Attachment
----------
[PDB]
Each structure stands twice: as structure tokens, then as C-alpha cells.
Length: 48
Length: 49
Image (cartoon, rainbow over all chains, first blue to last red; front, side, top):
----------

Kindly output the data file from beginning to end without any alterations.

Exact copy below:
[PDB]
Each structure stands twice: as structure tokens, then as C-alpha cells.
Length: 48
Length: 49
Image (cartoon, rainbow over all chains, first blue to last red; front, side, top):